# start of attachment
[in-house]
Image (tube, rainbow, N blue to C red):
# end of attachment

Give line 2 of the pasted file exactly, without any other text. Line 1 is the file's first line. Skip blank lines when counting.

Image (tube, rainbow, N blue to C red):